The Lent 5 Hebrew Bible reading includes Jeremiah 31:31-34:
“Behold, the days come, says YHWH, that I will make a new covenant with the people of Israel and Judah: not like the covenant that I made with their fathers in the day that I took their hand to bring them out of the land of Egypt–a covenant they broke, although I was a husband to them, says YHWH. But this is the covenant that I will make with the people of Israel when the time comes, says Yahweh: I will put my law in their minds, and write it on their hearts; and I will be their God, and they shall be my people: and they will no longer teach each other or speak to their neighbors, saying, Know YHWH; for they shall all know me, from the least of them to the greatest of them, says YHWH: for I will forgive their faults, and will I remember their sin no more.”
Jeremiah’s hometown was Anathoth, a small village within easy walking distance of Jerusalem to the northeast. There were quarries nearby where some of the stones used in the walls and buildings of the Holy City originated.
When David was king he had two high priests, Zadok from Hebron and Abiathar who was the sole survivor of King Saul’s slaughter of the priests at Nob. Nob was also a village a little ways north of Jerusalem. But Abiathar had an estate at Anathoth. When Solomon deposed him and elevated Zadok as the sole high priest, Abiathar went into exile at his estate in Anathoth (1 Kings 2:26).
I speculate that a kind of priesthood in exile persisted at Anathoth through the centuries. The whole perspective that we call “deuteronomic” may have had its home there. As estate holders, the descendents of Abiathar would have been “people of the land”. Probably they were leaders among the “people of the land” who supported the reign and reforms of King Josiah (2 Kings 21:24).
Jeremiah bought land from relatives in Anathoth (Jeremiah 32:8ff.). He did this while the Babylonian army stood outside the walls of Jerusalem and while king Zedekiah of Judah had Jeremiah under a restraining order. To invest in land at such a time was to literally put his money where his mouth was. Because Jeremiah offered no immediate hope for Jerusalem, the king thought him treasonous. But Jeremiah had great hope for the land and the people, just not for the immediate future of the city and the monarchy. So he invests in land.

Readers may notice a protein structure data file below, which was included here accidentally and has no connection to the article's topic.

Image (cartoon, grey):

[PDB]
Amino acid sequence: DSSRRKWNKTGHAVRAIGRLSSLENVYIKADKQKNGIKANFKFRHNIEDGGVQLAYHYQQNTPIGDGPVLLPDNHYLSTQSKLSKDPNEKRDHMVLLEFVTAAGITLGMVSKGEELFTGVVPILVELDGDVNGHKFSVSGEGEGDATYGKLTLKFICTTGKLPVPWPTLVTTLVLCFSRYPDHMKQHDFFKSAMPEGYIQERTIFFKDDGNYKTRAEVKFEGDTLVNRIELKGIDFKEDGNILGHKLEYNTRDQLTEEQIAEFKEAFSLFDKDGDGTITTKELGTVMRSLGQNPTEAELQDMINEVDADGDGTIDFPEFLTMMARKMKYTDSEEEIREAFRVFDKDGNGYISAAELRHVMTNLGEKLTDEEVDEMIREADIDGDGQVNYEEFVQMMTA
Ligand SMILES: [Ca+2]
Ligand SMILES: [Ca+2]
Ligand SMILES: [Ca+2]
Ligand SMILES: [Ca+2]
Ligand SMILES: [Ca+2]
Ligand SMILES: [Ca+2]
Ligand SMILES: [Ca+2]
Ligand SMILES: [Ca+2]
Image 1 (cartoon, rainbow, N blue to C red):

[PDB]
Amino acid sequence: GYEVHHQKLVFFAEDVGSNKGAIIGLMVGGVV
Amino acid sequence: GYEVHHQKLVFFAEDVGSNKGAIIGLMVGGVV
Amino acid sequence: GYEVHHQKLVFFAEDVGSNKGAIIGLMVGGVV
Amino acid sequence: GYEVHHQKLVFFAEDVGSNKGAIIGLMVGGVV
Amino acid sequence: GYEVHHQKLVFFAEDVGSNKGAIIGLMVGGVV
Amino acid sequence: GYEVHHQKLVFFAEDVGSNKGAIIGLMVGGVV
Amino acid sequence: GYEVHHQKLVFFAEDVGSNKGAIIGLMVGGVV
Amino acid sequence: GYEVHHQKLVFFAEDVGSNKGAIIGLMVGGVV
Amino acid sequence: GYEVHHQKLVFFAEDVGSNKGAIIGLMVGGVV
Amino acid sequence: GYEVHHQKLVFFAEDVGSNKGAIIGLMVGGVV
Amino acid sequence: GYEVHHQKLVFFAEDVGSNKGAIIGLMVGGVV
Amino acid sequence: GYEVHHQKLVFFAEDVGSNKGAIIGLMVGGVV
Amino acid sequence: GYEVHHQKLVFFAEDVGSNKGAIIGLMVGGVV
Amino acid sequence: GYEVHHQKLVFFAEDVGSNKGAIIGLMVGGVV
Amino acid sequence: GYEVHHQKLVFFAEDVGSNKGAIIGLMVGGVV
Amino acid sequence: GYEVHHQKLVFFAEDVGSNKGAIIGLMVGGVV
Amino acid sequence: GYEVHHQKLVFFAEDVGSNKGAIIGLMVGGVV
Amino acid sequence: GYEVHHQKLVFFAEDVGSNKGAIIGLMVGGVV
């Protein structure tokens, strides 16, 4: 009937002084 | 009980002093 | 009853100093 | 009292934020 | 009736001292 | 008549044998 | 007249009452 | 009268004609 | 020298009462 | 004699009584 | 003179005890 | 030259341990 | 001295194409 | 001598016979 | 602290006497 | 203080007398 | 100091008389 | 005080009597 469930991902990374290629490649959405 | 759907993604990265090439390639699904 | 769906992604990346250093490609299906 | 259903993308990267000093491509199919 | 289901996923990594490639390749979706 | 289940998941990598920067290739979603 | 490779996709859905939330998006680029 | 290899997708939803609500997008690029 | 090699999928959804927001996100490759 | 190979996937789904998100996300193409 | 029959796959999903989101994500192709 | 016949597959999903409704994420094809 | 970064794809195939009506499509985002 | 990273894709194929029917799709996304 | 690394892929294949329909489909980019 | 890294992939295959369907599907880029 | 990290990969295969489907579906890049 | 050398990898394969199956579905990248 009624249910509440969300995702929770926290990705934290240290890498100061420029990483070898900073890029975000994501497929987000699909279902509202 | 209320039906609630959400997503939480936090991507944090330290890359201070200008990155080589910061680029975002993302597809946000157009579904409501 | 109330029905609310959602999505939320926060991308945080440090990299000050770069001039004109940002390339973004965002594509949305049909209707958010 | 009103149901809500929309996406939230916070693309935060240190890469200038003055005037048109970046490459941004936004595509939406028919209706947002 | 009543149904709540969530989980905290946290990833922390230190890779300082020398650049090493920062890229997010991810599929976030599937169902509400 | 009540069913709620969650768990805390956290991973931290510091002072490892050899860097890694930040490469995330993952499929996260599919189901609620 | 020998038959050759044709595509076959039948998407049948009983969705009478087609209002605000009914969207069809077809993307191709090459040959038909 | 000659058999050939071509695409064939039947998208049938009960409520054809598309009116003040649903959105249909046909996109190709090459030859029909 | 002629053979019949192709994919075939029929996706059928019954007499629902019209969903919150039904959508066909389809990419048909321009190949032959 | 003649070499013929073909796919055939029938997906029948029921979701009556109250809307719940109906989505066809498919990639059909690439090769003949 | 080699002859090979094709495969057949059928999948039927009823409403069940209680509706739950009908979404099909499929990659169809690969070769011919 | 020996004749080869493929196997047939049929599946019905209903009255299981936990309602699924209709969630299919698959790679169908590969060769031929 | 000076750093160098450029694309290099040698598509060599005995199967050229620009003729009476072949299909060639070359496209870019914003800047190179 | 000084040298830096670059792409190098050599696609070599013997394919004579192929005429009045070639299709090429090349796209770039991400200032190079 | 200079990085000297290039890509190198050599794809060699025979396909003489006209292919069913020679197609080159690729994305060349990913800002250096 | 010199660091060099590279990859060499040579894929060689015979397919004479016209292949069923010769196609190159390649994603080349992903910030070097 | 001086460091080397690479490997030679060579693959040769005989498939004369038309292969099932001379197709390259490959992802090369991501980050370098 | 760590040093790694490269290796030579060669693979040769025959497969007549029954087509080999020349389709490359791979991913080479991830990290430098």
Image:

These thoughts help me put Jeremiah 31:27-34 in context. Chapters 30-33 constitute the Book of Consolations within Jeremiah. From the perspective of the exiled priests of Anathoth, the covenant of Moses had been mocked and annulled by the kings, Zadokite priests, and false prophets in Jerusalem. But God was committed to a renewed covenant with the faithful. God hadn’t rejected his people. In fact, vss. 35 ff. contain a reaffirmation of God’s commitment to the people and the land in the strongest terms. God intended to start over, but in the same place, with the same people. So Jeremiah invests in land.
Christians who want to see this promise of the new covenant as a prophecy that God’s covenant in Christ will replace God’s covenant with Israel are wrong. Jeremiah’s renewed covenant is more direct–with the people more than with their priests, scribes and teachers. Everybody will be accountable for their own sins (vs. 29-30). Everybody from the greatest to the least will have a direct relationship to God (vs. 33-34). It is probably to this direct relationship and the forgiveness of sins (v. 34) that Jesus referred when he said at the Last Supper “This is new covenant in my blood.”
By the way, Jeremiah’s land purchase may have turned out ok. He was carried off to Egypt for a while. We don’t know if he ever returned to Anathoth. But archeologists have found that the economic life in Benjamin (where Anathoth was) shows little disruption after Jerusalem fell to Babylon. Excavations at Beitin, aj-Jib, and Tall al-Ful show that these sites survived without damage. It may well be that Anathoth did as well.